Palestinian shunned for selling land to Jews to be buried in Jewish cemetery
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Palestinian shunned for selling land to Jews to be buried in Jewish cemetery

Mufti rules East Jerusalem resident Alah Kirsh, killed in Route 90 crash that claimed lives of 5 others last week, is ‘not a member of the Muslim nation’

Illustrative: An areal view of a Muslim cemetery in East Jerusalem, 2015 (Nati Shohat/Flash90)
Illustrative: An areal view of a Muslim cemetery in East Jerusalem, 2015 (Nati Shohat/Flash90)

A chief rabbi of Jerusalem allowed a Palestinian man to be buried in a Jewish cemetery following his body’s exclusion by imams over his sale of real estate to Jews.

Aryeh Stern, the Ashkenazi chief rabbi of Israel’s capital, this week ruled that Alah Kirsh may be buried at a Jewish cemetery as an exception because he was a “righteous gentile,” the Ynet new site reported Friday.

Kirsh was killed along with five other people in a traffic accident on November 4. His family sought to bury his body at a Muslim cemetery in East Jerusalem but the imams there turned them away because he had been accused of selling real estate in that part of the capital to Jews several years ago. Family members were not allowed to bring Kirsh’s body to the Al-Aqsa Mosque and were forbidden to pitch a mourner’s tent and receive guests there, as is the Muslim custom.

Ekrima Sa’id Sabri, the Grand Mufti of Jerusalem, cited a 1935 fatwa, or religious Muslim edict, issued by his predecessor, Amin al-Husseini.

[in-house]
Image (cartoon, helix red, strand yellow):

A publicly anti-Semitic leader of Arab Israelis and ally of Nazi Germany, al-Husseini wrote that year that “anyone who sells a home or land to Jews will not receive a Muslim burial.” Basing a new fatwa on the old one, Sabri wrote: “Whoever sells to the Jews in Jerusalem is not a member of the Muslim nation. We will not accept his repentance and he will not be buried in the Muslim cemetery.”

Kirsh’s body was placed temporarily outside a Muslim cemetery in Nabi Salih, a village near Ramallah. Stern ruled that he may be buried at a section of the Jewish cemetery at Har HaMenuchot reserved for people without religion.

“Since the Muslims will not bury him, we must correct the distortion of justice, that results in unjust humiliation of a man whose only sin was being prepared to sell land to Jews,” Stern wrote. “It is incumbent on us to honor a righteous gentile, and in this case a person who showed good will and was willing to take risks for the Jewish settlement.”

The case was brought to Stern’s attention by Im Tirtzu, an Israeli right-wing advocacy group.

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